Opinion by Allan McNew
Whenever a city goes from at large to district elections, my first thought that is that an activist organization agitated for the change in order to set up "ringers," who have move into town and establish residency for the specific reason to run for elected office in less affluent neighborhoods which rarely vote in order to take over a city government and promote and agitate for their outside agenda. Sometimes it's the case, others not.
A recent development is for big money to come in for the election of District Attornies around the country to further an agenda that somehow benefits by not prosecuting criminals.
I have mixed feelings concerning the office of District Attorney. On one hand we need enforcement and and the type of justice that is something more than a prostituted buzzword. On the other I have had dealings with the office of a former District Attorney who's motto was "anyone can convict the guilty, but it takes a great prosecutor to convict the innocent." The man wouldn't let anything unwinnable go until he either forced a plea bargain or forced the defense to prepare for trial then withdraw the case on the first day of trial. He managed to subornidate civil cases and other legal proceedings to his agenda of wielding the prosecutorial hammer without reasonable regard. He clogged up the court system with his Les Miserables approach to prosecution.
"Tough on crime" rhetoric politically sells. The District Attorney's office is an elected office and an incumbent is unfortunately is in part re-elected by an inflated conviction count dangled in front of the voters rather than what a "reasonable" yard stick of "justice" may be. This can turn prosecution and conviction from a dispensation of justice to an institutional form of human trafficking.
When the sheriff's department does a sweep which nets several dozen individuals and the crime rate is zero until they bail out or are otherwise released we should have a pretty good idea where the majority of our criminal problems lie. But when equal allegations should provide for equal scrutiny and equal treatment, it sometime seems that those who have a job and a mortgage are reserved for prosecution or other legal process while bottom rung dirtbags are turned loose. This suggests two things: there is either money to be milked out of those who have it while it costs money to deal with those who don't work or there is some sort of "social justice" agenda at work here. Maybe both.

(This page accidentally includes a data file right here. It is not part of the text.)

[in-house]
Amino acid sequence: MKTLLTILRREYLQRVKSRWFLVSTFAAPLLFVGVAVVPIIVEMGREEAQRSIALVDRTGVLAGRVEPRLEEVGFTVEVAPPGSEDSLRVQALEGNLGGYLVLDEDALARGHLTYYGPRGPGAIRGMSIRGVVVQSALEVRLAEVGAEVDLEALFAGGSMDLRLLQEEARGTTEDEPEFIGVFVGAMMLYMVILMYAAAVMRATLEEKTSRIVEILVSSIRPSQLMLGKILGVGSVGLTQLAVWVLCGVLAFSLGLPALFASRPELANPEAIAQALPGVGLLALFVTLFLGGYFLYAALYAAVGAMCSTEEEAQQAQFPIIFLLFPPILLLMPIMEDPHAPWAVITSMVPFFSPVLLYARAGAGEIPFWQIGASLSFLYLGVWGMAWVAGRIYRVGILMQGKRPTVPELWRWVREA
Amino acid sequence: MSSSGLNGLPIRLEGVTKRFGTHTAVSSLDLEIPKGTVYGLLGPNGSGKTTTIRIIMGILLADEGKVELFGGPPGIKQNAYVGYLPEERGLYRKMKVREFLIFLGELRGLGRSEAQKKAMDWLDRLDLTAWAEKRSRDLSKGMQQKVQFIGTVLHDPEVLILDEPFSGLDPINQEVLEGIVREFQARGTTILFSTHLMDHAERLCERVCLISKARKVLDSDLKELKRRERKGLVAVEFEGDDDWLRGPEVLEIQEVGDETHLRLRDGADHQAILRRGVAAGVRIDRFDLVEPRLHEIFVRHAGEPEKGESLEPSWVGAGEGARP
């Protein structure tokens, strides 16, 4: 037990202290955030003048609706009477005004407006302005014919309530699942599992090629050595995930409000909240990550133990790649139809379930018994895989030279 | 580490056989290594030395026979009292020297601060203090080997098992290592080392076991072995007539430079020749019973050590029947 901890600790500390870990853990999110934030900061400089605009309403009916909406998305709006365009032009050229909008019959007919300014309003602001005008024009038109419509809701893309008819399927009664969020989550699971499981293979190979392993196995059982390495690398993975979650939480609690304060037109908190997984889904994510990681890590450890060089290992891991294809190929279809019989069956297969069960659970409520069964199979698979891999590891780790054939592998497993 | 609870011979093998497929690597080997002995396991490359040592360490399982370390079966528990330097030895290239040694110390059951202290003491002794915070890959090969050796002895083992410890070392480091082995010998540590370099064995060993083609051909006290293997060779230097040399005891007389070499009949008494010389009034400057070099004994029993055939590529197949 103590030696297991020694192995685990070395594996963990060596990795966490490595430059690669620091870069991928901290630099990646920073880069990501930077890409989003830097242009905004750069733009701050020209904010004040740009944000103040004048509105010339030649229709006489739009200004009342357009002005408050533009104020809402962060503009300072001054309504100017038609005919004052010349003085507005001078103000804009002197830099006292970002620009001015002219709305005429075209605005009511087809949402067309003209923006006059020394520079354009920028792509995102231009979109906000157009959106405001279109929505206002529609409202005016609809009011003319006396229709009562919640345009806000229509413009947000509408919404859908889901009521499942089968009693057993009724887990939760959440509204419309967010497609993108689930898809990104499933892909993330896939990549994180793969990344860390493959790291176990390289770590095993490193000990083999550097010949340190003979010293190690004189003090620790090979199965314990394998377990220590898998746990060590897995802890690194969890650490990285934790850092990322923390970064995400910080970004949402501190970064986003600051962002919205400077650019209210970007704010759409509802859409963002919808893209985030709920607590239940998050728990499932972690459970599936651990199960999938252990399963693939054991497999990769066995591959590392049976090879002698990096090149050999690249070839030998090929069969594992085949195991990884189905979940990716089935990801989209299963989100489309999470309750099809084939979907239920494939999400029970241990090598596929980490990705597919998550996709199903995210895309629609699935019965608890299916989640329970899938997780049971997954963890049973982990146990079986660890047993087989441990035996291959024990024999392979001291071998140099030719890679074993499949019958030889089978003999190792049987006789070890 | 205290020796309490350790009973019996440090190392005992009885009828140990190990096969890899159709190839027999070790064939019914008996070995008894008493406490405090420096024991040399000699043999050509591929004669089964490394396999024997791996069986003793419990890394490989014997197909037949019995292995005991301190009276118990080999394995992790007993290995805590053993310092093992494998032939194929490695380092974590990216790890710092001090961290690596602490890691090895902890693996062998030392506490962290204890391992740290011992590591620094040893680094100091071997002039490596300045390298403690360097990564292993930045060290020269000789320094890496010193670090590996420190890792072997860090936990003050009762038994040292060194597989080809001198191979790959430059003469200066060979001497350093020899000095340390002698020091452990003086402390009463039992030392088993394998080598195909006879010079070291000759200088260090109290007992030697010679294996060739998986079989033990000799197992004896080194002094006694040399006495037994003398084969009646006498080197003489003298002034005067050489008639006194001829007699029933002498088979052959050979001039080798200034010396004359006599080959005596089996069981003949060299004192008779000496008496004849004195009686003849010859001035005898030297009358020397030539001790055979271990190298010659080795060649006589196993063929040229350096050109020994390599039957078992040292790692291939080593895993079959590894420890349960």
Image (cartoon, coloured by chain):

The first assumption goes hand in hand with the sure fact that if everyone fought their traffic tickets the court system would collapse, the latter is the case for outside funds to elect District Attorneys who won't apply the law - that everyone in the lower class or (name your choice of identity politics) is an oppressed victim to middle and upper class privilige (or insert any identity politics boogy man).
When anyone running for political office of any sort accepts outside campaign donations it should be publicly and frequently disclosed and readily visible in the large print of the candidate's campaign literature, advertisements and campaign rallies as to where it came from and how much they collected.
No more pimping out justice to agendas, personal or otherwise.